Ra, the sun god, was the second to rule the world, according to the reign of the gods. He decreed, "Nut shall not give birth any day of the year." At that time, the year was only 360 days. Nut spoke to Thoth, god of wisdom, and he had a plan. Thoth gambled with Khonsu, god of the Moon, whose light rivaled that of Ra's. Every time Khonsu lost, he had to give Nut a piece of his moonlight. Khonsu lost so many times that Nut had enough moonlight to make five extra days. Since these days were not part of the existing Egyptian calendar, Nut could have her children.
She had five children on each of the five days:
- Osiris, later ruler of the gods and then god of the dead.
- Horus the Elder, god of war.
- Set, god of evil and the desert.
- Isis, goddess of magic.
- Nephthys, goddess of water.
When Ra found out, he was furious. He separated Nut from her husband Geb for eternity. Her father, Shu, was given the job to keep them apart. Nevertheless, Nut did not regret her decision.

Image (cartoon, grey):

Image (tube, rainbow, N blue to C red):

The Book of Nut
The Book of Nut is a modern title of what was known in ancient times as "The Fundamentals of the Course of the Stars."
This is an important collection of ancient Egyptian astronomical texts, perhaps the earliest of several other such texts, going back at least to 2,000 BC. Nut, being the sky goddess, plays the primary role in the Book of Nut. The text also tells about various other sky and Earth deities, such as the star deities and the decans deities. The cycles of the stars and planets, as well as timekeeping are also covered in the book.
Nuit is a goddess in Thelema and serves as the speaker in the first Chapter of The Book of the Law, the sacred text written or received in 1904 by Aleister Crowley. This goddess was based on the basic appearance and role of Nut.
Within Crowley's system, she is one-third of the triadic cosmology, along with Hadit (her masculine counterpart), and Ra-Hoor-Khuit, the Crowned and Conquering Child. She has several titles, including "Our Lady of the Stars", and "Lady of the Starry Heaven". In The Book of the Law, she says of herself: "I am Infinite Space, and the Infinite Stars thereof", and in other sections she is called "Queen of Heaven," and "Queen of Space."
Nuit is symbolized by a sphere whose circumference is nowhere and whose center is everywhere, whereas Hadit is the infinitely small point at the center of this sphere. According to Thelemic doctrine, it is the interaction between these two cosmic principles that creates the manifested universe similar to the gnostic syzygy.